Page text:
Vol. 1, Issue 2 - Fall 2018
There’s a lot of water in Canada. Each year, our rivers discharge close to 9% of the world’s renewable water supply. More of our surface area is covered by freshwater than probably any other country on the planet. So, it should be no surprise that Canada is also home to a vast hydropower resource.
Indigenous women participating in River Diversion Ceremony at Keeyask Generating Station - Summer 2018 Indigenous people and communities play a central role in Manitoba Hydro’s business. The vast bodies of water and network of riverways flowing throughout Manitoba have provided sustenance and means of transportation to Indigenous communities for centuries.
Construction of the 695-megawatt (MW) Keeyask hydroelectric generating station in northern Manitoba is nearly 60% complete, with the first generator now expected to start producing electricity in October 2020 - 10 months earlier than planned. The project is also on track to meet its control budget of $8.7 billion (CDN), having successfully met - or exceeded - all of its construction targets for the 2018 construction season.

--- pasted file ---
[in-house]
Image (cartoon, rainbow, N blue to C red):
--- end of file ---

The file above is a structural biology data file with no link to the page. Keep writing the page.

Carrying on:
A term sheet providing for a new long-term power sale has been signed between Manitoba Hydro and SaskPower. The terms sheet will see up to 215 megawatts of renewable hydroelectricity flow from Manitoba to Saskatchewan, beginning in 2022. The new sale, announced by both utilities on October 29, will last a minimum of 18 years with a potential extension up to a total of 30 years, bringing long-term benefits to electricity customers in both provinces.
On November 1, the chair of the Manitoba Hydro-Electric Board, Marina R. James announced the appointment of Jay Grewal as the new President and CEO of Manitoba Hydro, effective February 4, 2019. Grewal will succeed current President and CEO Kelvin Shepherd, who is retiring. “The board is very pleased to appoint Jay as the first female President and CEO of Manitoba Hydro,” said James.